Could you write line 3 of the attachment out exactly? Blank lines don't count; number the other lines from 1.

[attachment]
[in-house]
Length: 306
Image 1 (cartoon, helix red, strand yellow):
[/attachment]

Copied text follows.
Image 1 (cartoon, helix red, strand yellow):